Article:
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Accomplishment Journal: Record Your Achievements

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Accomplishment JournalDo you have an accomplishment journal?

I don’t know if you’ve seen my Wall of Fame & Fortune & Awesomeness but it’s a list of all the awesome publications and websites I’ve have the pleasure of being in, on, or near. It’s essentially a list of my accomplishments as a result of this blog and it’s something I feel very fortunate to have been able to do. I was in the local paper once when I was in 6th grade for reading to kindergartners in my school, the New York Times was a little bigger than that. :)

The point of showing that post both here and at the top of every page isn’t to brag or show the world how awesome I am. It’s there because it gives me the motivation to keep doing what I’m doing every day, day in and day out. Life can be a grind, whether its in an office, a restaurant, a factory floor, a job site, or a retail store. Unless you make a record of the highlights, you can often get lost in the grind and find yourself on the flip side without a clue of what happened.

There are a few other reasons why I think an accomplishment journal is crucial.

What Is An Accomplishment Journal

An accomplishment journal is simply a place you can write down and celebrate all of your accomplishments. You define what success is and you define what you consider an accomplishment. The door is wide open and anything you want to put down is fair game. What an office manager considers a success is different than what a stay at home mom or dad considers a success. A student has different goals, and thus different accomplishments to note, than an executive. However, for any one of those people, an accomplishment journal is something that can provide value for years to come.

Why Keep One?

If you ever kept a journal as a child (I didn’t but my wife did and I love reading her cute notes), you know how much fun reading your own thoughts can be. Who and what bothered you, who you liked and disliked, what your concerns were at the time, etc. Now, an accomplishment journal is similar in that you can relive your successes. It makes it much easier to remember the past and offers a glimpse into your own development. That’s the emotional sappy reason, there are also many logical reasons to keep a journal.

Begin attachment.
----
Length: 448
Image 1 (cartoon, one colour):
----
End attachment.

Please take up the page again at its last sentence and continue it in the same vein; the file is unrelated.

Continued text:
It helps you keep your resume up to date. I recommend revisiting and updating your resume every three months, even if you aren’t looking for a job. It’s important to update your resume when the accomplishments and responsibilities are still fresh in your mind. Can you accurately remember the work you did five years ago? If you were put under the gun, like after being laid off, would you be able to remember the work you did last year with sufficient clarity? If you are able to recall exactly what you did, maybe you don’t need to update it every three months. I only know that I can’t, which is why I update it every three months.

It motivates you. One of the biggest things I learned from my wife when she was looking for a job several years ago was the importance of progress when there appeared to be none. One of the tips I offered in my post about Three Morale-Boosting Tips for Job Seekers was to track your progress. Tracking your progress in a job hunt is like tracking your accomplishments. It may seem silly or minor to you but when you send out ten resumes or go out on an interview, those are accomplishments. When you look back after a week of searching, it’s much better to see “I sent out 85 resumes.” than to remember “I spent all week sending resumes.”

It lets you define how success is measured. Mark at Soul Shelter recently wrote about his struggles with the idea of success. Mark is a writer, a midlist writer (where the books aren’t a bestseller but sell enough to justify publication), and struggles each year around the holidays to describe his vocation. While his struggle was with the external barometers of success for his field, bestseller lists and book sales, he does talk about how “we ought to try to recognize and value others’ achievements, big and small, vocational and personal. And most importantly, if we want to be happy and self-confident and continue wholeheartedly doing the work we love—however underpaid or undervalued—we must learn to rely on the measures of success that mean the most to us personally, and strive not to lose sight of them.”